to school refreshed.
OK, this is our theatre,
come and take a seat.
The money from Children In Need
allows us to create interventions
into their lives that help them
get back into school,
help them with attendance,
and really change a path that they
might have been going down.
So today we are going
to talk about power...
It's an amazing experience to look
at a particular young person
that starts with us, is scared
of coming into the theatre,
or just doesn't know what's
going to happen, and watch them
change and grow over ten weeks
to become these confident,
brave, incredibly artistic young
people, and for them to be
so proud of the work
that they make, too.
That work, for me,
is the little bit of gold dust.
We know, fundamentally,
that we're changing lives,
and it's an incredible thing to be
a part of.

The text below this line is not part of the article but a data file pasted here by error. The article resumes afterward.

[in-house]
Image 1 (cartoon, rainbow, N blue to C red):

Well, we've just found out Pudsey
has arrived at our special
location for tonight's broadcasts -
we'll be live from Warner Brother's
Tours in Hertfordshire,
where Pudsey will be joined
by some special guests.
Arsenal and Tottenham
meet in the North London
derby tomorrow lunch-time.
One man who knows what life
is like on either side of the divide
is George Graham, who was
manager at both clubs.
It is 100 years since English
football produced an occasion like
Such was the drama of
Arsenal's 1989 win over Liverpool it
has been turned into a documentary.
They picked their opponents in the
last seconds of the season.
Graham was their manager. What it
has, to beat Liverpool at Anfield by
two clear goals. Liverpool dominated
English football at that time, and
rightly so, they were the best team
with the best players. But I had to
do my job and sell the idea of going
up there to beat them 2-0, I had to
sell it to the players.
no longer quite the force they were
under Graham or in the early Arsene
Wenger years, so what is missing?
would say they have just dipped from
the standards they set themselves. I
would say they have just edged
slowly away. With the ball, they are